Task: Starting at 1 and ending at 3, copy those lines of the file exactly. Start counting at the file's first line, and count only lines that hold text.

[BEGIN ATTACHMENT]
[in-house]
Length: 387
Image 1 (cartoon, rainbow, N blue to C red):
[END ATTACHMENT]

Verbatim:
[in-house]
Length: 387
Image 1 (cartoon, rainbow, N blue to C red):